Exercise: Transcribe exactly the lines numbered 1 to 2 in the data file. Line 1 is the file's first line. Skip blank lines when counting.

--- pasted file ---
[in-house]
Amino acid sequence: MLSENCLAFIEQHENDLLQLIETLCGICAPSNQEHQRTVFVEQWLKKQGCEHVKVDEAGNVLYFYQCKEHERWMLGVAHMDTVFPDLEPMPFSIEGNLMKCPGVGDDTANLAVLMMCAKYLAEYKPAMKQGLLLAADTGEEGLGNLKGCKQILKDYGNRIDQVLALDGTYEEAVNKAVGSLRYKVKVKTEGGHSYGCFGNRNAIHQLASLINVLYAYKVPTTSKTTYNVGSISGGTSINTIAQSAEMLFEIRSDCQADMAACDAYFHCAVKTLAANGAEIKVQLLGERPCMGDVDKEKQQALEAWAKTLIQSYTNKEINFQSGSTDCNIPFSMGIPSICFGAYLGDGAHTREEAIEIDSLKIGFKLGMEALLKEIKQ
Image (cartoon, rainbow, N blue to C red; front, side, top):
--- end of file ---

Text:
[in-house]
Amino acid sequence: MLSENCLAFIEQHENDLLQLIETLCGICAPSNQEHQRTVFVEQWLKKQGCEHVKVDEAGNVLYFYQCKEHERWMLGVAHMDTVFPDLEPMPFSIEGNLMKCPGVGDDTANLAVLMMCAKYLAEYKPAMKQGLLLAADTGEEGLGNLKGCKQILKDYGNRIDQVLALDGTYEEAVNKAVGSLRYKVKVKTEGGHSYGCFGNRNAIHQLASLINVLYAYKVPTTSKTTYNVGSISGGTSINTIAQSAEMLFEIRSDCQADMAACDAYFHCAVKTLAANGAEIKVQLLGERPCMGDVDKEKQQALEAWAKTLIQSYTNKEINFQSGSTDCNIPFSMGIPSICFGAYLGDGAHTREEAIEIDSLKIGFKLGMEALLKEIKQ